But what they want is they-- they're seeking authorization because beyond, you know, the appetite or the supply needs of the US for this vaccine, it's a very important vaccine for the world. It's cheaper. AstraZeneca and Oxford are doing it for no profit for the duration of the pandemic and beyond for poorer countries. I mean, it's, like, 90% of the supply in India. And I think we all know the-- the horrible situation in India. So the more of these doses--
LANA ZAK: Yeah.
JENNY STRASBURG: --get out-- and a stamp of approval from the FDA would be a pretty big deal for this vaccine.
LANA ZAK: That's interesting because, as you know, supply is starting to exceed demand for COVID-19 vaccines in areas around the US. And so there's probably a lot of people wondering why even bother with US approval for AstraZeneca for the fight against the COVID-19 virus here in the US, because we-- we have more vaccine than we have people necessarily interested in getting vaccinated at this point.
But you're raising a very important point about the stamp of approval in the US having ramifications in the global fight against the pandemic. Let me ask you, Jenny, the US Defense Department and White House are considering making it mandatory for all members of the military to get the vaccine-- moving away from AstraZeneca.
JENNY STRASBURG: Yes.
LANA ZAK: But I'm wondering if you can tell us the latest about that?
JENNY STRASBURG: Well, so the latest is a discussion about whether we can move-- whether the government and the FDA can move the vaccines from emergency use authorization, which is a more constrained, you know, boundary of use for the pandemic, can move the vaccines, the three currently deployed, from that to full approval, which requires a deeper level of review. But as Anthony Fauci said, I think a day or so ago, he said he would be in favor of that. And one of the aspects of that would be it might make some people feel like, OK, it's not just emergency use. It's not just like we had to do this for the pandemic, but it's gone through the full approval process of the FDA, which is considered kind of a Good Housekeeping seal of approval for-- for reviews of drugs.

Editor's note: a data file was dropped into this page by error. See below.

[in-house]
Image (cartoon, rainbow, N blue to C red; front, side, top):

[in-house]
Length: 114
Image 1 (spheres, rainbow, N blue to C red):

So there's that. It could help with hesitancy in the military. It also could allow a looser kind of distribution. It could allow more channels, not necessarily like the government in between, right. Right now it's been the government buying shots for use for the public. So this could open up the possibilities of distribution in different ways.
And it could just make people feel like, all right, it's like a full approval. I feel better about it. And it could open up-- for the Pentagon, it could actually move them a pivot from voluntary vaccination. They've talked openly about possibly doing mandatory vaccination.
And you know, it's a big question for not just the military, but university systems, California, I know, is discussing this, employers, manufacturing, hospitality. I mean, the story before this mentioned, you know, Disneyland or Disney World reopening. It's like, do you want your employees to have mandatory-- it's a big subject right now, right, as we look to--
LANA ZAK: Yeah.
JENNY STRASBURG: --surges in certain areas. So that-- that is potentially a big topic, not just in the military, but in the private sector and in other public sectors as well.
LANA ZAK: Absolutely. What happens in that decision-making process is definitely going to be watched by all these other industries. Jenny Strasburg, thank you.
JENNY STRASBURG: Thank you so much.